As Jamison's questioning progressed and his accounts began to reveal inconsistencies, a reasonable person would expect diligent investigators to ask for clarification. Furthermore, a reasonable person would not be surprised to have the police investigate and even photograph the gunshot wound,8 perhaps to identify the caliber of weapon the assailant used on the victim and the trajectory of the bullet. Of course, investigation of the wound involved officers coming into physical contact with Jamison, even partially exposing Jamison's genitalia. This affront to Jamison's privacy was, however, the direct result of Jamison having shot himself near the groin. Finally, after providing shifting explanations of where in the city the shooting occurred, a reasonable person would expect the police to question him further, lest they expend energy investigating false leads.
Viewed in this light, the actions of Detective Macer reflect the prudent course of conduct a reasonable person might expect after initiating a police investigation into his shooting. A reasonable person would tolerate nothing less than a thorough investigation into such a shooting. The district court's contrary characterization of Detective Macer's questioning as “aggressive” therefore cannot withstand scrutiny.9
We find Mosely v. State, 269 Ga. 17, 495 S.E.2d 9 (1998), cited by the government, illustrative. In Mosely, the defendant drove his unconscious wife to the hospital. His wife had been shot at close range with a shotgun and the defendant had a shotgun wound to his leg. Investigators arrived at the hospital and spoke with the defendant regarding the shootings, who recounted a story of armed robbery. Though investigators did not immediately consider the defendant a suspect, they subjected him to a gunshot-residue test as a matter of routine procedure. The test results and the defendant's shifting explanations to investigators suggested that the defendant had shot his wife and himself. At his subsequent murder trial, the defendant moved to suppress the statements he made to investigators. The court held that the defendant was “merely being questioned as a victim” and was therefore not in police custody while he was being treated in the emergency room. Id. at 12. Just as police investigation concurrent with emergency medical treatment was found non-custodial when the defendant in Mosely was treated as a mere victim, so too do we find Jamison's questioning to be precisely what would be expected were Jamison merely a victim.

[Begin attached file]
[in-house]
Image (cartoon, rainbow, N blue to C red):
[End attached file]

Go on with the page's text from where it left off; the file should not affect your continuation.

Jamison was primarily restrained not by the might of the police, but by his self-inflicted gunshot wound, the medical exigencies it created, and the investigation he initiated. We therefore conclude that a reasonable person in Jamison's circumstances would not have found himself restrained by the police. Instead, he would have “fe[lt] free to decline the officers' requests or otherwise terminate the encounter.” Bostick, 501 U.S. at 436-37, 111 S.Ct. 2382. We therefore hold that Jamison was not in custody at the time he offered the statements describing the shooting, including his admission that he shot himself.